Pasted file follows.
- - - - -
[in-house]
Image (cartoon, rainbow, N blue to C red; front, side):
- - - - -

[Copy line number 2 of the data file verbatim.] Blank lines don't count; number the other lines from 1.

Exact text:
Image (cartoon, rainbow, N blue to C red; front, side):